Gov. Evers continues to lead on clean drinking water

Governor Tony Evers
, By Jon Drewsen

MADISON, WI — Clean Wisconsin applauds Gov. Tony Evers for signing an executive order yesterday to address the growing threat to drinking water and public health from the class of hazardous chemicals called PFAS.

“PFAS is a public health and environmental challenge that we’re only beginning to fully understand,” said Carly Michiels, Director of Government Relations at Clean Wisconsin. “This action by Gov. Evers puts the state in a strong position to address this growing pollution issue in a collaborative and comprehensive way. This is another example of the governor’s leadership on PFAS during the Year of Clean Drinking Water.”

PFAS, or Per- and Polyfluoroalkyl Substances, is a group of persistent man-made chemicals that may increase the risk of health issues such as cancer, developmental issues in children and fertility issues for women. PFAS is not currently regulated by the U.S. Environmental Protection Agency.

Among many things, the governor’s executive order directs the state to create a public information website on PFAS, work with local governments to develop wastewater screening programs to identify sources of PFAS, expand monitoring of PFAS to protect human health, and create a PFAS Coordinating Council.

“Gov. Evers recognizes tackling PFAS pollution will take all of us, including state and local governments, municipal wastewater facilities, and the public,” said Michiels. “This executive order encourages everyone to get involved and to work together to address this growing issue and acknowledges all the hard work that has already begun.”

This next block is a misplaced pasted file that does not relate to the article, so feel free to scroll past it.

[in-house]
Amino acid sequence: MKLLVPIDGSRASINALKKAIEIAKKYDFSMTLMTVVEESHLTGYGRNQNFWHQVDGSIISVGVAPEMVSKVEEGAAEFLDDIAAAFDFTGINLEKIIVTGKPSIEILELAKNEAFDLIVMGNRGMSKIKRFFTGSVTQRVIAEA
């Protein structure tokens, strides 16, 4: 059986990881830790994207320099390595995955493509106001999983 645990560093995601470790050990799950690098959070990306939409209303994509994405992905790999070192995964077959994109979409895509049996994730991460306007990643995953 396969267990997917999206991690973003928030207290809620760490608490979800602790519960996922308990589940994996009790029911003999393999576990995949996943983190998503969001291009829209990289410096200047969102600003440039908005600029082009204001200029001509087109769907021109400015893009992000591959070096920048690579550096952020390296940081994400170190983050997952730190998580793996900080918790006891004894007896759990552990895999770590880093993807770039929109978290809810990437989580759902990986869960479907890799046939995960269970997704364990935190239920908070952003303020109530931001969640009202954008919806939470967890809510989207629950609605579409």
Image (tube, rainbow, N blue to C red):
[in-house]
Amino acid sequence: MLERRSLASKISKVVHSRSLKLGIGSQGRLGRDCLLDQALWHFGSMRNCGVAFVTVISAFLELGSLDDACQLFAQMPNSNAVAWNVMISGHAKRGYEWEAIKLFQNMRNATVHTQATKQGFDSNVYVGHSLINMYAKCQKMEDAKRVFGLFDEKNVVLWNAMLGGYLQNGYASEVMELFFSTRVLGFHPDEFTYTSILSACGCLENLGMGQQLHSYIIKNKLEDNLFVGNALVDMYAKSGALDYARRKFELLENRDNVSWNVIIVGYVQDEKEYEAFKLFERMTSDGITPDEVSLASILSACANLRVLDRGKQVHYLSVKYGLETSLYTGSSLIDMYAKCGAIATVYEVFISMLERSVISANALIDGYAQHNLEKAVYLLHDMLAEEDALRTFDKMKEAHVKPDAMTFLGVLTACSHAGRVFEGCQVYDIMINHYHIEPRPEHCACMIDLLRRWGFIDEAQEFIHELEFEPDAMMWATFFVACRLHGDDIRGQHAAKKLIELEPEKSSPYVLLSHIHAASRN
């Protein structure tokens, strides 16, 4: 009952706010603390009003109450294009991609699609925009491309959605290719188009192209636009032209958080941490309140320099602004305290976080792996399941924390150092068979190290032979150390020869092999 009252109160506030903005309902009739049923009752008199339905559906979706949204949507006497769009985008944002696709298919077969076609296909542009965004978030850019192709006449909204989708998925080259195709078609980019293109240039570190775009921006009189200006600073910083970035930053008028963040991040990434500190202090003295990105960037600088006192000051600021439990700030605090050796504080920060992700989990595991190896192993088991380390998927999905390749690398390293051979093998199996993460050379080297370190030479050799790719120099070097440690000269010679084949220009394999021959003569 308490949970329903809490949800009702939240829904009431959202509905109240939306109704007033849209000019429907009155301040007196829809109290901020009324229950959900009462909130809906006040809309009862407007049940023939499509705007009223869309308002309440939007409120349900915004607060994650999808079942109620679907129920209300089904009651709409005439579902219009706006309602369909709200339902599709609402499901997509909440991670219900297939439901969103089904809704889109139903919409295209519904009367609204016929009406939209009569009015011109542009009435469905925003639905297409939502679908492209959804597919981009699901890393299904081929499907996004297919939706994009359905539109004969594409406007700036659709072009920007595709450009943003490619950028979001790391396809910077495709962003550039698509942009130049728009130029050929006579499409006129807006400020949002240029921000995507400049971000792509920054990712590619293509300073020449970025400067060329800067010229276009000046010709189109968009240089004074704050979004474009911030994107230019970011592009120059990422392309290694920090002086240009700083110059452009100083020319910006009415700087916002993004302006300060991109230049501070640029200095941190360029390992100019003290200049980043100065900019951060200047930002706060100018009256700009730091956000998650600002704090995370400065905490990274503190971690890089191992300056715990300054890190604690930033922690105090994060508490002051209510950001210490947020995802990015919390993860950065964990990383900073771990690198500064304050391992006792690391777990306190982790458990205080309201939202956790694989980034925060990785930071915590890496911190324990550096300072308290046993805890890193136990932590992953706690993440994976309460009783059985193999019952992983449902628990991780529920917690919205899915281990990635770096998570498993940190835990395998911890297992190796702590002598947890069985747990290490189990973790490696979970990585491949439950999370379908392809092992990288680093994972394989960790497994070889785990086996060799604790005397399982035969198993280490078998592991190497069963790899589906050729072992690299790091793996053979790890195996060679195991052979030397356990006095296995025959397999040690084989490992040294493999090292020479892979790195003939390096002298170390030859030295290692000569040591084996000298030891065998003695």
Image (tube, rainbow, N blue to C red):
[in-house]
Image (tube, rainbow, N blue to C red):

In June, the DHS recommended a state health-based standard for two PFAS compounds, and DNR has indicated they will begin the process for setting new rules to enforce those standards. In May, legislators introduced Senate Bill 302, the Chemical Level Enforcement and Remediation (CLEAR) Act, which is one of the most comprehensive set of protections from PFAS in the country.

Currently, there are over 18 investigations into PFAS pollution in Wisconsin. Marinette has one of the highest known rates of PFAS pollution in the state, where drinking water has been found to have tested as high as 1,900 parts per trillion (ppt) of PFAS, 95 times higher than the health-based standard of 20 ppt proposed by DHS.

“I am glad to see PFAS pollution continue to be prioritized and acted on. There was funding in the state budget, legislation with the CLEAR Act, and recommended health-based statewide standards,” said Michiels. “The executive order today shows Gov. Evers is again leading on this issue by bringing everyone to the table to do what’s best for both public health and the environment. It’s imperative we continue to support comprehensive, science-based solutions to this problem.”